When the export-import policy was released on 31st March 1992, few people recognised the magnitude of the changes that was brought about with it. Before that, we had the Red Book, not in one but in many volumes, and the only people who enjoyed a thicker version of the Red Book every year were the lawyers. I know because I was one among them.
Long before I became an MP, I wondered how anybody in India could either import or export when these volumes were floating around. My first encounter with D R Mehta happened when we were travelling from Delhi to Chennai just before the 1991 elections. I was, of course, a minister in the Rajiv Gandhi government between 1984 and 1989. I was an MP during 1989-91 when there were two short-lived governments. We all were sure that Rajiv Gandhi will return to power in 1991.
D R Mehta has done remarkable work even in later life. In 1991, when we were travelling, we knew each other. When I asked him what was he doing then, he said: “Sir, I am the chief controller of imports and exports.” I said, “Mr Mehta when the Congress party returns to power, if I have anything to do with the matter, the first job that I will abolish is yours.”
Though I had no clue I will become the commerce minister, I said, “Mr Mehta, I can understand why you are the chief controller of imports but please tell me, why are you the chief controller of exports?“ He had no answer.
I was very happy to return to Parliament in 1991 elections, became Commerce Minister and lo and behold, Mr Mehta walked into my room. I said, “Remember our conversation? Your job is out. You will no longer be chief controller of exports and imports and this will happen in the first month of this government.” And we did that.
After Montek Singh Ahluwalia left the Commerce Ministry in December 1991 to become Special Secretary in Economic Affairs and then Finance Secretary, we started writing the new trade policy, which then was called Export Import Policy and Export Import Handbook. I am proud that A V Ganesan, the then Commerce Secretary, and I completed it together. I wrote the policy and he wrote the handbook of procedures. I am proud that every single word from Chapter I to the last was dictated by me.
When we put it together, I was delighted that I had kept my promise to keep it below 100 pages. Since then, of course, the export-import policies have gone through several revisions. It goes through a revision every year and it has now become the trade policy. It is no longer in the simple straightforward English language in which the original volume was written but I think it is still a good work compared to other publications of government.
Direct Taxes Code
The second thing that I would be proud if I can achieve it, is the Direct Taxes Code (DTC). Working right through 2008, I wrote every single section of the DTC. No draftsman was involved — no Ministry of Law, no legislative department, and no outside lawyer. Every single section was drafted by Parthasarathi Shome, Arbind Modi and a few other officers of the income tax department, and I left it behind as DTC 2008, as it is still called. There are only a few copies left of ‘The Annotated Text of DTC (Annotated by the Finance Minister)’. Fortunately, there is a copy in the Finance Ministry. It was put in the public domain as DTC 2009. DTC 2009 was more or less faithful to the annotated text of 2008.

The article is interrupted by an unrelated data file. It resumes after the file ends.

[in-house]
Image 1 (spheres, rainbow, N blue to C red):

But when DTC 2010 was introduced as a bill, I regret to say much of the reform measures had been eliminated and we had gone back to the provisions of the Income Tax Act, 1961. I made it clear in the preface (of the Annotated Text) that we are not introducing amendments to the Income Tax Act, but are writing a new DTC. So the reference point cannot be the Income Tax Act, 1961. Unfortunately, the bill that was introduced in Parliament, in my view, turns out to be just hundreds of amendments to the Income Tax Act although it is called the DTC 2010. That is the bill which went to the Parliamentary Standing Committee and, unfortunately, the Standing Committee pulled it further back closer to the Income Tax Act, 1961.
I am now left with the DTC 2010 and the Standing Committee’s report which I respect. And now I have to introduce the bill in the monsoon session that does not reject the recommendations of the Standing Committee yet as far as possible conforms to the original philosophy of a new Direct Taxes Code.
How do I reconcile DTC 2008, DTC 2010 and the Parliamentary Standing Committee’s recommendations? That is the job that we are working on
It is like the impossible trinity of the Reserve Bank. How do I reconcile DTC 2008, DTC 2010 and the Standing Committee’s recommendations? That is the job that Shome and I are working on. I hope to be able to satisfy the Standing Committee, and to keep the amendments in the official bill to the bare minimum. Yet I will do my best to pull back many of the provisions and conform to the original DTC 2008.
If I succeed — which is a big ‘if’ — that will be something I will be again proud of. You can congratulate me on one proud document produced in 1991-92 and pray for me for another document that I hope I can produce in 2013-14.
Inclusion is the first magazine dedicated to exploring issues at the intersection of development agendas and digital, financial and social inclusion. The magazine makes complex policy analyses accessible for a diverse audience of policymakers, administrators, civil society and academicians. Grassroots-focused, outcome-oriented analysis is the cornerstone of the work done at Inclusion.